"We just woke up one day and all of a sudden we were a five-piece and I was like, 'Whoa. I think this is getting good.'" So says Dirty Mittens frontwoman Chelsea Morrisey on the band's rapid growth from an uneven trio to a extravagant and fun-loving exercise in pop music done right. The early days of the Mittens portrayed a band with ample room to grow, another well-intentioned act with endless potential, but rudderless in the pop music waters.
"I think we were limited by the fact that we were a three-piece," explains Morrisey. "Our idea has always been to infuse elements of doo-wop and dance-pop, but not having a bass player was a little bit of a problem. I don't think we knew what we were doing, necessarily. When we added a bass player it was an epiphany; it became clear what direction we wanted to follow."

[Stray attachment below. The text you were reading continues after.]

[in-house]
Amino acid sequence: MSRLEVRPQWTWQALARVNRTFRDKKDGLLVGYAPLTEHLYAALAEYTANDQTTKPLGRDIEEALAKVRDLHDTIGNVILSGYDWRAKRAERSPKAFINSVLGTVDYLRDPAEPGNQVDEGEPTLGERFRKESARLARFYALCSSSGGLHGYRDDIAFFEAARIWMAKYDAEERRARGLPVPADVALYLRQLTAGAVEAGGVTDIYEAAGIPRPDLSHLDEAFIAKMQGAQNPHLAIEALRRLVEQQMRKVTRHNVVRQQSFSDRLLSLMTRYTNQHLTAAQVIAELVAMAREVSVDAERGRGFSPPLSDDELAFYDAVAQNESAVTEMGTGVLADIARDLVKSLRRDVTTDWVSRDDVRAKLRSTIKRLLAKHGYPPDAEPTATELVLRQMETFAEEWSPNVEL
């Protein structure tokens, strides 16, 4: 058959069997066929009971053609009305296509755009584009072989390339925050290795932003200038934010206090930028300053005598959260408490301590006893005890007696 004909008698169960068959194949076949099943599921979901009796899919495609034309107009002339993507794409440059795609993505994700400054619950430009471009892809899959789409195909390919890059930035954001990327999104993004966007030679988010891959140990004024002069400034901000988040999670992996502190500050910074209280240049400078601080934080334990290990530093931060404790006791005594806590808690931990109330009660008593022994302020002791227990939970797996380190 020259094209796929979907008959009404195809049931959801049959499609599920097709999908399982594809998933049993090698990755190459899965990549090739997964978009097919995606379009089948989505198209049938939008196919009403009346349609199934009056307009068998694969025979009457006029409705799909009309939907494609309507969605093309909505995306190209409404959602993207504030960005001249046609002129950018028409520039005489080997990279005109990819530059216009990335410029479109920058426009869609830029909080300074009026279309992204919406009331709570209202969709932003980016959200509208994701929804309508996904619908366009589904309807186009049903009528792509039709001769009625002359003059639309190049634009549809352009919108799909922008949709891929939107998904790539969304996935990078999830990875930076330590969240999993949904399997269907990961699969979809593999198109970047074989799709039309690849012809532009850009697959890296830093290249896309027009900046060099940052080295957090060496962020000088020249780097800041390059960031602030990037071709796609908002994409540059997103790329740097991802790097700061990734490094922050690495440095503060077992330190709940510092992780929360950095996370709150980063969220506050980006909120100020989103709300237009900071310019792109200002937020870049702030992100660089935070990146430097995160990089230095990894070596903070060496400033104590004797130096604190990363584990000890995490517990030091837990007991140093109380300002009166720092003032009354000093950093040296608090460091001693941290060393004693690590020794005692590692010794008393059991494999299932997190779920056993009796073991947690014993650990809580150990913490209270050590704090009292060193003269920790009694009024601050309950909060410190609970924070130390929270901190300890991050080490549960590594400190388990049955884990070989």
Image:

That direction is toward a tastefully vintage brand of pop music, complete with playful horns, an abundance of hand claps, and the sweet chirping voice of Morrisey at the center of it all. With a new five-song EP entitled Pinky Swear, the group has finally hit their stride, bringing to mind the pop-genius ambitions of Jens Lekman alongside enough bedroom twee to warm even the coldest of hearts.
"I think Jens Lekman was sort of a turning point for us," Morrisey says in regard to the orchestrated Swedish pop singer, but Lekman is not her sole influence. "I spend most of my days listening to soul music. It reminds you that horns play a big part in the melodies of a song."
It's an influence which is paramount during Pinky Swear's proudest moment, the stylish "Time Forgiver," which evolves from quaint indie-pop ball-ad—complete with finger-snaps and lyrics about the chill of "Swedish winters"—into a raucous, soulful, horn-thick party jam. It's a wondrous moment that gracefully captures a once-modest band on their glorious rise to the ambitious heights of pop music. It's a thing of beauty, really.
Dirty Mittens celebrate the release of Pinky Swear at the Someday Lounge on Sunday, July 20.